The verdict was more forceful than expected. On July 24, 2014 the European Court of Human Rights in Strasbourg handed down two unanimous rulings in the cases of Al Nashiri v. Poland and Husayn (Abu Zubydah) v. Poland. The cases concerned the extraordinary rendition by the CIA of two terrorism suspects to a secret detention site in Poland. Both men alleged that in December of 2002, during the early phase of the Bush administration’s “War on Terror,” they were secretly transferred to Poland, where they were tortured while being held, for nine and six months respectively, in an unacknowledged detention facility.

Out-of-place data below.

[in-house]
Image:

Having examined the evidence, including expert statements and findings of several international inquiries (but not documents from the Polish investigation, which the Polish government withheld), the Court found that the applicants’ allegations were sufficiently convincing. It ruled that by “acquiescing to and conniving in the CIA’s High Value Detainee program,” the Polish state violated several articles of the European Convention on Human Rights and Fundamental Freedoms, notably Article 3, which prohibits torture and inhuman or degrading treatment or punishment.